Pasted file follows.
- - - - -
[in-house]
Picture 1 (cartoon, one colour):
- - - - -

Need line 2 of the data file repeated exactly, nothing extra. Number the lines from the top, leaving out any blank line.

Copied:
Picture 1 (cartoon, one colour):